As of June, the state DMV reported that more than 150,000 new electric vehicles had been registered in New York. Nationally, forecasts anticipated 14 million new EV’s hitting the road this year. Those are both big numbers, but contextualizing the data as the state pushes for more adoption and improved infrastructure is crucial.
Out of the 150,000+ new EV’s registered in the first half of 2023 — 26% were accounted for in two downstate counties (Suffolk and Nassau). Meanwhile, adoption rates in the Finger Lakes are much lighter and more manageable.
Christina Ficicchia, Manager of Smart Grid Programs at AVANGRID, says the growth observed around much of the state is akin to a “keeping up with the Jones’,” scenario. “You’ll see one person in the neighborhood get an EV and all of a sudden — the entire neighborhood is adopting over the next couple years,” she explained. “The grid isn’t going to have issues with that kind of adoption — presently or in the future.”
According to the state Department of Motor Vehicles, the smallest counties across the region — many of which are located here in the region — have seen significantly less adoption. There were 22 new EV’s purchased in Schuyler County, 61 in Seneca County, 72 in Ontario County, 83 in Wayne County, 94 in Yates County, and 105 in Cayuga County.
Ficicchia says NYSEG and RG&E are being more thoughtful about how it plans for adoption, and what might need to happen within these ‘spot loads’ as neighborhoods adopt as cohorts. While there’s a lot of emphasis on electrifying transportation — residential and industrial building is also trending in that direction. Some of which is being emphasized by legislation at the state-level.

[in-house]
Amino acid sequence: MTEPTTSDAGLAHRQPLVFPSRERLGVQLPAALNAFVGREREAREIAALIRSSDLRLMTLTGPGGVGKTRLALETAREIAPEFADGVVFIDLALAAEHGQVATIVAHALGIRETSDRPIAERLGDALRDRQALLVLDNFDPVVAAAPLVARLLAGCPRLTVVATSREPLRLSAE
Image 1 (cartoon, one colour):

When AVANGRID thinks about how the grid can best handle this overall electrification — all three components are front-of-mind. Including how to best disperse more EV charging technology.
Focusing on vehicles, though, there are a number of factors that contribute to the lower EV adoption rate in rural areas. One factor is the lack of charging infrastructure. Rural areas tend to have fewer EV charging stations than urban areas, making it more difficult for people to charge their vehicles. Ficicchia says that’s not really a problem, though. “It’s more of an issue when we’re thinking about those fast chargers that are going up on the Thruway, or someone like Amazon, or the U.S. Postal Service wanting to electrify their entire fleet — and having a depot in the middle of one of our rural service areas,” she explained.
NYSERDA is working to install more EV charging stations in rural areas, and the state has also launched a program to provide financial incentives to businesses and individuals who install EV chargers. Another step is to make EVs more affordable. The state and federal governments offer a number of financial incentives for EV ownership, such as tax credits and rebates. These incentives can help to reduce the upfront cost of purchasing an EV.
All told, Ficicchia says one of the bigger misconceptions around EV’s or EV adoption across the board involves the volume of travel happening on a daily basis. “Most of us probably go 30-50 miles per day,” she said. “At most, there are scenarios where people commute further, but even those that are, doing a round-trip of 100 miles per day, can charge overnight sufficiently.”
This means, charging during off-peak hours, and on a slow-charger overnight at home. As for the idea that charging stations will become as common as gas stations — that’s unlikely, at least in the short-term.